If I was living in the opposite hemisphere, where the New Year starts in the middle of summer, I might feel differently but here in London, New Year’s Eve pretty much always sucks.
There’s been the odd year when it’s been just about bearable but if you’re thinking I’m a miserable Grinch (which, admittedly, I am sometimes), here’s just a few examples of previous New Year’s Eves I have survived:
The night that we went late and happy to a house party, only to find everyone sitting around in dead silence watching a supremely depressing late night episode of Eastenders. Out of politeness and a whole heap of optimism, I stuck it out for about half an hour but when midnight came and still no-one said anything, I faked a trip to the loo and ran out the front door only to see another freaked-out party-goer had had the same idea and was running down the street screaming an endless ’Aaaaaaaaggggh!’ Couldn’t have put it better myself.
There was the time that I went with a crowd of friends to Parliament Square to hear Big Ben ring in the new year – only the bell didn’t ring at 11pm (a few in our gang were from Germany so we were celebrating an hour early too), nor did it ring it midnight. Everyone stood around the square, kettled in by police, debating whether the clock was broken or whether we all had the wrong time. At about four minutes past, someone declared it the New Year and a few corks popped. Yip! Those Big Ben bongs which you hear on the TV or radio are not live my friend, it’s just pre-recorded fakery.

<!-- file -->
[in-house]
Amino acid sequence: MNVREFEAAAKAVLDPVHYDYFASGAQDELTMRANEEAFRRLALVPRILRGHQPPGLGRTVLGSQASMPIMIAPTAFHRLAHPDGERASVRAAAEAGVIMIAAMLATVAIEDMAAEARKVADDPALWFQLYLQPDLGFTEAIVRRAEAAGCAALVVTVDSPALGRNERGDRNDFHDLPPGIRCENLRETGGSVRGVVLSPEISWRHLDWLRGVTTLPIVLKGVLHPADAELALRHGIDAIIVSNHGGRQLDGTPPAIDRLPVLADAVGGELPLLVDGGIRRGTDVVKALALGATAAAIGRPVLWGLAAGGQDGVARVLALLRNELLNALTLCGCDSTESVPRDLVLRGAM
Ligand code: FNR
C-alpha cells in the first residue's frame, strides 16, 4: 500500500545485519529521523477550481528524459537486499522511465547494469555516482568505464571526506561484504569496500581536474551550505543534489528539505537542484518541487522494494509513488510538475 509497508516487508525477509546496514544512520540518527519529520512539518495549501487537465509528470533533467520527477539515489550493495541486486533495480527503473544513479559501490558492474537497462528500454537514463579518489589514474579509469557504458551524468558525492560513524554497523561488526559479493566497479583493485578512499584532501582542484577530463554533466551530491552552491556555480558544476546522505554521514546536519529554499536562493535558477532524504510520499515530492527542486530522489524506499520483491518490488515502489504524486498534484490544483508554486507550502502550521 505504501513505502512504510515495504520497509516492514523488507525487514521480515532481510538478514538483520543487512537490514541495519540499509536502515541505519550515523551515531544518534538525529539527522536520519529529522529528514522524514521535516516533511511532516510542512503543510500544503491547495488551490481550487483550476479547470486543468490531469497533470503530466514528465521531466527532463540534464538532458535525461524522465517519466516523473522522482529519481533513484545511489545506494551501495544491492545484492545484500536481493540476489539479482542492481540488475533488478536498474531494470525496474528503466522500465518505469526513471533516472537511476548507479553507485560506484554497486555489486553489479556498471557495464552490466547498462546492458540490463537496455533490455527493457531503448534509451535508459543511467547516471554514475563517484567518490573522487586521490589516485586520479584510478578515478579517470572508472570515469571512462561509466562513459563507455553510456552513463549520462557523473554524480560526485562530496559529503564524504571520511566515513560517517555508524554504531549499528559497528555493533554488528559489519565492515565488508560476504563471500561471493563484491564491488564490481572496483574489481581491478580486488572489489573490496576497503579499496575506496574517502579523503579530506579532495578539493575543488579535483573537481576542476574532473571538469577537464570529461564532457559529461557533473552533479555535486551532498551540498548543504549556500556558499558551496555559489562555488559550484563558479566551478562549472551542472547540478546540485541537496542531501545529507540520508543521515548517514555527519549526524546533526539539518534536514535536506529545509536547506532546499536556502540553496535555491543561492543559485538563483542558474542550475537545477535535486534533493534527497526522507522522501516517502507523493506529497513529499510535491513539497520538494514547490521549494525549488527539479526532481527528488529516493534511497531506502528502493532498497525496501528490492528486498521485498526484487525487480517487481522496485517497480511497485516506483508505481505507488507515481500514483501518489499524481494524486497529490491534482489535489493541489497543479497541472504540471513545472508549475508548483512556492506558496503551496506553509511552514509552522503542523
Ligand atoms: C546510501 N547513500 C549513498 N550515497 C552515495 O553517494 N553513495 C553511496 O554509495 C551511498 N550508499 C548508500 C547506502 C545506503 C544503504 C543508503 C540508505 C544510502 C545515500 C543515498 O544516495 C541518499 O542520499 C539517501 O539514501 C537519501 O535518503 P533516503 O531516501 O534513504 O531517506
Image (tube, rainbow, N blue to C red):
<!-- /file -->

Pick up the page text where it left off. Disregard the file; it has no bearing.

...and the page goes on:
There was the time we queued for over an hour to be squished so fire-hazardly tightly into a club that there was condensation dripping all over us from the low ceiling above – only to have the bar shut at 12.30 and the staff couldn’t get us out of the door quick enough. That very crap night, followed by the endless wait in cold drizzle for a bus/cab/donkey home, was almost the final straw for me and New Year’s Eve, but not quite.
The millennium NYE was fairly crap. About 3am I left a stupefyingly drunken boyfriend in west London and crushed onto the tube to Highgate with my flatmate and his girlfriend, who bickered with each other all the very long way home, each trying to get me to side with them in the argument.
A year later, I was so miserable that on New Year’s Eve I drank everything in sight and copped off with someone so young he was barely legal. Then I proceeded to throw up for the next 12 hours before recovering on the sofa with chocolate milk and Mary Poppins.
Since then, I’ve eschewed NYE and in previous years have even volunteered to work the night shift. Actually, those were some of the better ones. At least we got to go up on the roof and watch the fireworks over the Thames at midnight – unlike half the poor punters at ground level who were stopped by the police from going onto the bridge to watch for ‘overcrowding’ reasons.
So this year, before the ghastly televisual crapfest that is Jools’ Annual Hootenanny starts, I will be burying my head under the duvet and dreaming of snow. It’s definitely one of the better ways to start a new year.